Background-—Although apoptosis and cell proliferation have been extensively investigated in atherosclerosis and restenosis postinjury, the communication between these 2 cellular events has not been evaluated. Here, we report an inextricable communicative link between apoptosis and smooth muscle cell proliferation in the promotion of vascular remodeling postinjury. Methods and Results-—Cathepsin K–mediated caspase-8 maturation is a key initial step for oxidative stress–induced smooth muscle cell apoptosis. Apoptotic cells generate a potential growth-stimulating signal to facilitate cellular mass changes in response to injury. One downstream mediator that cathepsin K regulates is PLF-1 (proliferin-1), which can potently stimulate growth of surviving neighboring smooth muscle cells through activation of PI3K/Akt/p38MAPK (phosphatidylinositol 3-kinase/protein kinase B/p38 mitogen-activated protein kinase)-dependent and-independent mTOR (mammalian target of rapamycin) signaling cascades. We observed that cathepsin K deficiency substantially mitigated neointimal hyperplasia by reduction of Toll-like receptor-2/caspase-8–mediated PLF-1 expression. Interestingly, PLF-1 blocking, with its neutralizing antibody, suppressed neointima formation and remodeling in response to injury in wild-type mice. Contrarily, administration of recombinant mouse PLF-1 accelerated injury-induced vascular actions. Conclusions-—This is the first study detailing PLF-1 as a communicator between apoptosis and proliferation during injury-related vascular remodeling and neointimal hyperplasia. These data suggested that apoptosis-driven expression of PLF-1 is thus a novel target for treatment of apoptosis-based hyperproliferative disorders.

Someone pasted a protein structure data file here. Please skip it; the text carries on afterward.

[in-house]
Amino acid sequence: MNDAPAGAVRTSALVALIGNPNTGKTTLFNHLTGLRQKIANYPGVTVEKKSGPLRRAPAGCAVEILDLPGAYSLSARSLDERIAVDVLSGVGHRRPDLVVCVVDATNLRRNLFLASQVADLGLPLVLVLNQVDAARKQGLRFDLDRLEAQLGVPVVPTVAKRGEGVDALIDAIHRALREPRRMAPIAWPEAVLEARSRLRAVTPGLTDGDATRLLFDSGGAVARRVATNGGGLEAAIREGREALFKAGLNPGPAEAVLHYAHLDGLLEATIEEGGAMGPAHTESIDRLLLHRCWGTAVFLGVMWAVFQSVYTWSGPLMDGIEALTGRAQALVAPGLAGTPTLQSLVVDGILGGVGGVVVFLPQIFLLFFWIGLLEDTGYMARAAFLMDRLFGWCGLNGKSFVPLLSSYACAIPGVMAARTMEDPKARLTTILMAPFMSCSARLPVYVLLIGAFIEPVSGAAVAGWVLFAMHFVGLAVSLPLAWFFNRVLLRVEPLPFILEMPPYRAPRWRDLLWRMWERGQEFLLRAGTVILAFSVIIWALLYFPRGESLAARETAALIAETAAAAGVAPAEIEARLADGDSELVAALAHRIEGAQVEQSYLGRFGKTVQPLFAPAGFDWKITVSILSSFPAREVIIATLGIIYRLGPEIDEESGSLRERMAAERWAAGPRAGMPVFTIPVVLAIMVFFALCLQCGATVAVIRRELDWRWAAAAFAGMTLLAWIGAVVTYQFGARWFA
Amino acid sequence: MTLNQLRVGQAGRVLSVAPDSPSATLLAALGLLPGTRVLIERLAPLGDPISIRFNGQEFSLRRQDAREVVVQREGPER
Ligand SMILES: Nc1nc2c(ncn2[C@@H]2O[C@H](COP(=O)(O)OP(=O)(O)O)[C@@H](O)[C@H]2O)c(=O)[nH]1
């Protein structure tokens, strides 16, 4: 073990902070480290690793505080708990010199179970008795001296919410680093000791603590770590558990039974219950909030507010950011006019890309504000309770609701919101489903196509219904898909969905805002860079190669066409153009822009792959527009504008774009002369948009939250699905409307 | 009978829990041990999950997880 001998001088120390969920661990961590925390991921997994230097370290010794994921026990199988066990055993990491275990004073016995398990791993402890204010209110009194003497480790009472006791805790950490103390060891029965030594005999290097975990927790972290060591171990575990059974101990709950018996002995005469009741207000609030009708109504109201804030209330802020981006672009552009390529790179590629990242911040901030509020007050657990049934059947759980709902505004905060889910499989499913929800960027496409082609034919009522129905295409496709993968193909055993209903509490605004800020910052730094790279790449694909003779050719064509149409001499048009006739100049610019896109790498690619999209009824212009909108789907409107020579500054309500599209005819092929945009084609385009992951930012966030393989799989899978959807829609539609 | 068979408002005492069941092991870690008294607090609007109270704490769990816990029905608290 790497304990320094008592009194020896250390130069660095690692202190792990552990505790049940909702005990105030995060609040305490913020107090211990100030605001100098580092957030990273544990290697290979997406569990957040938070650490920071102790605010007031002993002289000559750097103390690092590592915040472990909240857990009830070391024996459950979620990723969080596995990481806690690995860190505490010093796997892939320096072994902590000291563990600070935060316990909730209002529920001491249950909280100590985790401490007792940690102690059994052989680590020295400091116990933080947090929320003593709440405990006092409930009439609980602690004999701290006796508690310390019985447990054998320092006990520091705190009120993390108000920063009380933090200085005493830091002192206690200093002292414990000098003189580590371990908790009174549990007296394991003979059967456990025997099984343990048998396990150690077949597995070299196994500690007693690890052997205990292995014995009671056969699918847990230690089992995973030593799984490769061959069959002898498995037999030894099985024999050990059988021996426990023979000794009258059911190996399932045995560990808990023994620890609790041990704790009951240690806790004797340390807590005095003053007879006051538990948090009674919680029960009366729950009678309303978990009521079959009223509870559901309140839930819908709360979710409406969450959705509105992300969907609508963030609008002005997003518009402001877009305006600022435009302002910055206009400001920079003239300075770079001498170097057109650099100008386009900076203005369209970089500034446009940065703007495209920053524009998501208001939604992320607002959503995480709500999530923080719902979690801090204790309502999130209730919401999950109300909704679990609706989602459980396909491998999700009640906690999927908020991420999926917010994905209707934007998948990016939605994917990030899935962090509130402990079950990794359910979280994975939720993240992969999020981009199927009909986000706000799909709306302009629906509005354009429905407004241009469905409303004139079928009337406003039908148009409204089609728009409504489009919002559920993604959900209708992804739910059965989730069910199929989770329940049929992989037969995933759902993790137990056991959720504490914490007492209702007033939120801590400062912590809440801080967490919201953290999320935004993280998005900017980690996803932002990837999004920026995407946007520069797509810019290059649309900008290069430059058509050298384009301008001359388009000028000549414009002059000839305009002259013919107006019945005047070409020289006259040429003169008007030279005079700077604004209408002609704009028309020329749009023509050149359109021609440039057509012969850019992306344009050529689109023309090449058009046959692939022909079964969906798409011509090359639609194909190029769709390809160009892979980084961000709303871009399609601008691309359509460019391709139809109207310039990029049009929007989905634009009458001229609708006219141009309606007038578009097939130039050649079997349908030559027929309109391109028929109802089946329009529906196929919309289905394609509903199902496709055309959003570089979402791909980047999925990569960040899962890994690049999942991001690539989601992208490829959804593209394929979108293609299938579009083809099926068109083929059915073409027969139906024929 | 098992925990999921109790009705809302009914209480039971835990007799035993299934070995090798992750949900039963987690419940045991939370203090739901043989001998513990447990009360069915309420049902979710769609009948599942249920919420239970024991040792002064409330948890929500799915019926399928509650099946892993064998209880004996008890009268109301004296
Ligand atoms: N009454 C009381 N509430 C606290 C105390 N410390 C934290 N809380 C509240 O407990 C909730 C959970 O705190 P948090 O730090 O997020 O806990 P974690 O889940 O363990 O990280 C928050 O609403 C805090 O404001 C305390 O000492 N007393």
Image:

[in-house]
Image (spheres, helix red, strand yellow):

All Science Journal Classification (ASJC) codes
- Cardiology and Cardiovascular Medicine